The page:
Those hiring forensics experts may influence their conclusions
Written by Moses & Rooth on September 21, 2013
When individuals are accused of committing criminal activity, their attorneys must oftentimes hire experts to refute claims made by the prosecution and to ultimately prove the innocence of the accused. Similarly, when trying to disprove an individual’s criminal defense strategy, prosecutors also must oftentimes hire expert witnesses to support their claims.
A telling new study conducted by psychologists from the University of Virginia and a university in Texas indicates that the testimony and conclusions provided by expert witnesses may change depending on who has hired them. If defense attorneys hire the experts, their conclusions may favor the defendant. Whereas if prosecutors hire expert witnesses, their conclusions may favor the case put forth by those prosecutors.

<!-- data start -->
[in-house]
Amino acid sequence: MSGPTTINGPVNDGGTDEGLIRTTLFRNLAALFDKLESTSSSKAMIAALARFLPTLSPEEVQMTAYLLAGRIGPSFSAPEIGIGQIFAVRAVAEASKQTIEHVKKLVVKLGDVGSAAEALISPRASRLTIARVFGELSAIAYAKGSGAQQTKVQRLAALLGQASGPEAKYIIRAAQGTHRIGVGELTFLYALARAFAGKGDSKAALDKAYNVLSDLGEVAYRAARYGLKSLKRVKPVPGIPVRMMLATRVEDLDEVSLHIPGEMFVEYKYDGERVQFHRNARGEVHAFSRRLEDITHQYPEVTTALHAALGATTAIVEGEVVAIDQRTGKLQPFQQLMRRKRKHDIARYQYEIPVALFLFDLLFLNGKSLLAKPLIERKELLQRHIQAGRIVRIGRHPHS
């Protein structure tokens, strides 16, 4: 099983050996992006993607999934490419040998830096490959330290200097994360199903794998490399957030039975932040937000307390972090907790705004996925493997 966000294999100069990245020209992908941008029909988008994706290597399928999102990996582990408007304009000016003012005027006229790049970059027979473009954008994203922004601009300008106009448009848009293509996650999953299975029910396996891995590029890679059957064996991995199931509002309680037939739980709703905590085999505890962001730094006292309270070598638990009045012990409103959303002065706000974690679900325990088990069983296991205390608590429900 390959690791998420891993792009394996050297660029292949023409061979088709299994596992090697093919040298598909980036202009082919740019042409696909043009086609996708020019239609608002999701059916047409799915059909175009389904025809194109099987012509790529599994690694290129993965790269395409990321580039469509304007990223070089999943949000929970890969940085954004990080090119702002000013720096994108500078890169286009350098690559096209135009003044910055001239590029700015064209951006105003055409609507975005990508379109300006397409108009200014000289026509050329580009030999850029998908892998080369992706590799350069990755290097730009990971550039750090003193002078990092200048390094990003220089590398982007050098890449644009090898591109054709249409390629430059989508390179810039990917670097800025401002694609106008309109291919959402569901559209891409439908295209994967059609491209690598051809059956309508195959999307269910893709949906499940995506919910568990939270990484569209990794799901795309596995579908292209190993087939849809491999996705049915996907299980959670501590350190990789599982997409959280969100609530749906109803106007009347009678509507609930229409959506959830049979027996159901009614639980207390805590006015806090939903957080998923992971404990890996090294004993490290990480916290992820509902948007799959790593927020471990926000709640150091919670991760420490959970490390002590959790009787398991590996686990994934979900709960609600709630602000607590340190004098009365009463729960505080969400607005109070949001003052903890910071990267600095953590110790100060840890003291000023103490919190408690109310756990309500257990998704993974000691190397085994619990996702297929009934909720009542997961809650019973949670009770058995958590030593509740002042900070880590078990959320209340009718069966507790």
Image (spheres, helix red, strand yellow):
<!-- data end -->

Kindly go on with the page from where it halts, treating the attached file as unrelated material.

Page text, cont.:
According to the study recently published in the journal Psychological Science, experts hired by defense attorneys generally provide significantly different conclusions in regards to given data than experts hired by prosecutors do when presented with the same data. As one of the study’s researchers recently explained in a statement, “Most expert witnesses believe they perform their job objectively. These findings suggest this may not be the case.”
Expert witnesses can influence juries to a great extent. Their testimony often makes or breaks criminal prosecutions. If these experts are vulnerable to the bias of the side that has hired them, should their testimony be given such great weight? This is a question that must be contemplated by criminal justice advocates as they seek to reform the criminal justice system to be as fair, transparent and predictable as possible.
Source: Popsci.com, “Researchers Expose Troubling Bias In Forensic Psychology,” Francie Diep, August 28, 2013